The Guest Review

The Plot

When David (Dan Stevens – Downton Abbey) visits the Peterson family to pass on a message from their recently deceased son and his old comrade, he’s almost instantly welcomed as part of the family and invited to stay a few days. But as people start dying, daughter Anna (Maika Monroe) starts to suspect that David might not be the charming young man everybody believes he is…

The Good

After the warm reception from Your Next it’s no surprise that Adam Wingards latest is this years opening film for Frightfest. And quite deservedly so. The Guest has enough humour, gore and shocks to kick off the five day festival that it barely give the other films a chance.

Accompanied by a fantastically fitting electro soundtrack, Dan Stevens works his way through the film with the help of his instantly appealing approach to the role. Starting off as a pleasant young man visiting his ex partners family to give them his condolences, David really does seem like the perfect house guest. However the constant glint in his eyes tells us that this probably won’t continue for too long.

As David works his way through the family gaining their trust one by one, his crazy side soon starts to come out as he tries to help each of the Petersons with the problematic people in their lives. Starting with assisting young Luke with the senior students who are bullying him before moving on to fixing Anna’s boy trouble. Each mend David makes brings a worse result than the last until finally building up to the thrilling finale.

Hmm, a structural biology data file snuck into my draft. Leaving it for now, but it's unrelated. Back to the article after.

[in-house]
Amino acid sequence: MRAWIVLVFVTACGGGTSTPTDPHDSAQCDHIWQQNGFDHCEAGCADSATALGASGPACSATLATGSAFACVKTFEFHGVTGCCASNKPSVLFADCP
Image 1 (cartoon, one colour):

The main highlight is undoubtedly found in the films final act. Wingard uses a ridiculously over the top setting to its extent. Although it’s absurd, its still a riot and rounds off the film with dazzling cinematography and a beautiful palette of colours. It’s clear that he has fun with the surroundings of the horror filled setting, using jump scares and keeping that brilliant soundtrack going to give the audience as much entertainment as possible.

The Bad

Apart from the slight distraction of Brendan Meyer looking like a male doppelganger of Chloe Grace Moretz, there isn’t too much to moan about with The Guest. Although it could have done with some tweaks here and there in regards to plot and characters, Stevens’ performance alone is enough to distract from these minor problems. And while it may have benefitted from a less lavish finale, with perhaps a more toned down setting for the conclusion, The Guest will surely have hooked you in well before the moment comes that you’ll just be having too much fun.

The Ugly Truth

If you liked Your Next you’re sure to like The Guest. Adam Wingard brings his winning formula of comedic timing, jumps and carnage to the screen again while finding a previously unseen side to Dan Stevens which is sure to win him more fans. Simply put, it’s a riot.

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